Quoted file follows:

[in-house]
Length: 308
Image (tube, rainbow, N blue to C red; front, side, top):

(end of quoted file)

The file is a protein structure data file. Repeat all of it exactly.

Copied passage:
[in-house]
Length: 308
Image (tube, rainbow, N blue to C red; front, side, top):